Madre Chocolate, Uncle Clay

Crowdfunding food projects

Madre Chocolate, Uncle Clay / A recent glance at food projects on crowdfunding sites like IndieGoGo and Kickstarter yielded a slew of micro-breweries waiting to be funded from San Francisco to Louisville, Kentucky to Denton, Texas. Sites like these give entrepreneurs a medium through which to gather public support and funds for nearly anything imaginable.

Here in Honolulu, there are at least two food entrepreneurs that have turned to crowdfunding. One is Madre Chocolate, which currently seeks $15,000 to purchase cacao from an organic cooperative in Chiapas, Mexico. The other is Uncle Clay’s House of Pure Aloha (HOPA), which raised $54,000 to transform Doe Fang, a long-time crack seed and homemade icee store in ‘Aina Haina, into an all-natural shave ice shop that opened a few weeks ago.

The two businesses approach crowdfunding in different ways: For Madre Chocolate and other projects that use Kickstarter and IndieGoGo, contributions are donations and the whole process is public–anyone can contribute and anyone can post a project. HOPA started with a business plan on Profounder, a “community-sourcing” site on which the focus is private investments within communities. Investors had to be invited, and they are promised a return on their investment.

For both businesses, crowdfunding seemed a logical way to go–to rely on the community whom they hope to serve.

Kickstarting Cacao

Madre Chocolate’s community extends beyond Honolulu to the international chocolate community, from cacao farmer to chocolate processor. With this project, Nat Bletter and Dave Elliott hope to help the cacao-growing communities in Mexico by establishing a direct trade. “Crowdfunding is a natural way to extend what Madre Chocolate is doing with direct trade: Humanizing our chocolate,” Elliott says. “First and foremost we want our chocolate to delight the palate, but our higher goal is for it to weave a happy relationship between growers, chocolate-makers and consumers, something more profound and lasting than a mere financial transaction.”

Part of the money Madre Chocolate hopes to raise will be used to purchase and import the chocolate from Mexico. “We’ll be paying several times higher than the commodity rate to growers in order to obtain the highest quality ingredients and insure they’re getting a fair and just price,” Elliott says regarding a practice that runs against the status quo in an industry notorious for using child and slave labor.

Why focus on bringing cacao from Mexico? As the birthplace of cacao, “the cacao farmers there often have rare or heirloom varieties of cacao with unique taste characteristics and complex cultural practices surrounding their preparation of chocolate, with spices, flowers and herbs that are rarely heard of, let alone tasted,” Bletter says. In addition, currently, there isn’t a large enough cacao supply in Hawaii. Madre Chocolate hopes to use part of the Kickstarter money to buy cacao-processing equipment, so if, or when, the volume of Hawaii cacao grows, Madre Chocolate will be ready.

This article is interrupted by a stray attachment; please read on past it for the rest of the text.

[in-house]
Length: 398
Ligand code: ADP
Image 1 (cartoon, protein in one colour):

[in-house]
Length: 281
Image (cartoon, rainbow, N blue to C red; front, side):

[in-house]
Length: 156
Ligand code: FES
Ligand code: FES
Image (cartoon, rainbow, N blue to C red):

Madre Chocolate



[As of this writing, An Edible History of Chocolate, the Kickstarter project by Madre Chocolate, has raised $2,265 of $15,000.]

Buy It, They Will Come

When Clayton Chang (aka Uncle Clay) was a child, he would visit the Doe Fang crack seed store and say “I want to own this store some day!” In 1996, he took over the shop and became famous for his homemade icees, but the place struggled financially. Four years ago, his nephew, Bronson Chang, partnered with Uncle Clay because “I saw that like a lot of other mom-and-pops in Hawaii, Doe Fang was on its last leg, and changes needed to be made to ensure we could continue serving,” Bronson says.

Using the money they raised on ProFounder, they transformed Doe Fang into HOPA, with a fresh new space and a more health-conscious product (one of the housemade flavors is kale/spinach, a surprisingly tasty syrup sweetened with apple juice). What has not changed is “our foundation in pure aloha,” says Bronson. “Our vision is ‘our entire one world ‘ohana connected, heart-to-heart, through pure aloha.’ Our mission is to spread pure aloha one shave ice at a time.”

Uncle Clay’s House of Pure Aloha Aina Haina Shopping Center



[At the moment, ProFounder has halted all fundraising via its site.]

Uncle Clay’s House of Pure Aloha

You’re supposed to be ‘ohana when you come into HOPA, and I experience all the nuances of family dynamics when I come in: At times lovely, but also at times awkward. Everybody is introduced to everyone else–from the staff to each customer that walks in. Uncle Clay spoon-feeds me my first bites of my shave ice. He rings a little bell and an employee starts singing “Seasons of Love” from Rent. “You have such a special gift, you need to share it with our ‘ohana,” Uncle Clay says of Jojo. This definitely isn’t the assembly line shave ice experience a la Matsumoto’s or Waiola. Nor are the flavors, like the aforementioned kale/spinach syrup (sourced from Otsuji Farms) and a variety of other housemade shave ice flavors, from milk chocolate to strawberry. They also shape the ice differently, like a two-tiered wedding cake, of which the bottom layer is drenched in syrup before the top layer is stacked on top, and then doused.